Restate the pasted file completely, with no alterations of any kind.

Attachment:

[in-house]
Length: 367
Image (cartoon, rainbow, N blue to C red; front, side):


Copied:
[in-house]
Length: 367
Image (cartoon, rainbow, N blue to C red; front, side):